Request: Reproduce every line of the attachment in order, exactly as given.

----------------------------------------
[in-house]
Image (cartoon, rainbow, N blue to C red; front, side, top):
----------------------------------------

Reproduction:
[in-house]
Image (cartoon, rainbow, N blue to C red; front, side, top):